1. What are the plans for the Town when applying the Accessibility Act in approving this project?
  2. Why is it not “set back” to allow some level of vegetation in front, eg tress.
  3. Given the very nature of it’s location, in the beach area, what concern is being raised by the Town for Strategic Planning?
  4. Given the propensity of Seniors in Cobourg itself, what consideration is given anyone wishing to visit the “roof level” viewing area? It’s a long climb for folks like me, an older senior.
  5. Maybe serious consideration should be given the major blind spot issue , again looking to the future.
beach lover
14 April 2021 9:06 am

In many other municipalities, a requirement of new developments is that they contribute to the walkability and liveability of a neighbourhood. This often includes setbacks with angled corners for visibility, improved building aerodynamics and wind effects for pedestrians. Developers are required to incorporate trees, fountains and often public art into their site plan The design of any buildings fronting Division and Albert in Cobourg’s historic zone should fit with the character of the neighbourhood and help create a welcoming, safe and attractive path for people to walk. Cobourg deserves much better than what’s being proposed.

lynxano
Reply to  beach lover
16 April 2021 5:15 pm

i dont like in the post it also mentioned setback for the purpose of later widening albert. big streets with loads of traffic is the antithesis of a place people actually want to be and walk around in, which is a part of what historic zone is know for. also also big roads are proven to cause more accidents i guess but i dont really have an easy way to segue into it

GailR
13 April 2021 11:13 pm

No elevators? Residents will have to schlep their groceries up stairs and along possibly icy exposed corridors. Hmm. Not of great appeal to retirees, I would think.

JimT
Reply to  GailR
14 April 2021 9:11 am

A few years back, in a certain nursing home in the U.S, someone noticed that almost all of the male residents over the age of 90 had spent most or all of their adult life living in 2nd or 3rd floor walkup apartments.
Go figure.

GailR
Reply to  JimT
14 April 2021 10:27 am

And the over 90 year old in this household lives in a three storey house, and his man cave is up on the third floor. But there is still the issue of the groceries and the outside walkways in winter. Where does the architect think this building is going to be??

Keith Oliver
Reply to  GailR
14 April 2021 2:35 pm

Gail

According to John’s report the developer has experience. Perhaps no elevators and exterior corridors is a strategy to keep the upper units available to the younger demographic. If so the developer deserves a round of applause

GailR
Reply to  Keith Oliver
14 April 2021 5:47 pm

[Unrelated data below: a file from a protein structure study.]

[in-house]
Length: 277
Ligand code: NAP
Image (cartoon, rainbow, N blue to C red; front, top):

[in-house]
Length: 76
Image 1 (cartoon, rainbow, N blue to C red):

I had come to that conclusion, Keith. I had been hoping for another building like the one to the south of it with those lovely large terraces.

Keith Oliver
Reply to  GailR
14 April 2021 8:07 pm

Gail

As well designed as the condo to the south of the site is, one similar to it with a facade that includes terraces on all levels, would surely be high cost and further the fact that middle income folks are being more and more excluded from dwellings in the waterfront area. I suspect that turning the Esplanade into a one way street was done to address the concerns of the residents along the street’s north side.

Before the condos were built there was a row of mature trees, grass and a rough road all running parallel to the marina basin. On a summers night people would drive in from all over, congregate, socialize, have a cold beer. A wonderful way to cool off and enjoy our collective gift of nature called the waterfront. Now, step by step, all of that common “accessablity” is going.

Again, you have excellent taste in building design, but cudos to the developer of the SW corner of Division and Albert.

Bill Thompson
Reply to  Keith Oliver
18 April 2021 11:00 am

Taking into consideration the present demographics of Cobourg, the increasing numbers arriving from Toronto, condo costs always on the rise, the employment opportunities (lack of) for a younger demographic I would think that “strategy” would be a risky venture.

Wally Keeler
13 April 2021 9:49 pm

I quite like the appearance of the building, however, without trees it is barren. It needs trees.

JimT
Reply to  Wally Keeler
14 April 2021 1:50 pm

For sure, Wally, and enough open area – such as lawn and gardens – between building and sidewalk to put them in – not just in a hole in the public sidewalk.

Last edited 7 months ago by JimT
beach lover
Reply to  Wally Keeler
17 April 2021 9:42 am

It definitely needs trees, landscaping and a setback from the sidewalk.

JimT
13 April 2021 8:00 pm

Buildings on that, and nearby corners (including the one just torn down) are set back enough that pedestrians can see around the corner and avoid collisions with those coming the other way, but that seems to have disappeared with the proposed building.

That being the case, I predict a century or so of pedestrian near-collisions or worse at that corner if this arrangement gets built as shown.

Last edited 7 months ago by JimT
JimT
Reply to  JimT
14 April 2021 1:56 pm

Imagine some fool riding a bicycle on the sidewalk at high speed up Division St. (illegal notwithstanding) and colliding violently with a hapless pedestrian rounding that blind corner from Albert.
Could the town be sued for allowing such an obvious hazard to be built in the 1st place?comment image

Last edited 7 months ago by JimT
Bloated Senior
13 April 2021 3:06 pm

Looks like the hoarding surrounding the property is already advertising the project. And I remember seeing that an existing tree would remain, and it’s gone. Going to look pretty barren……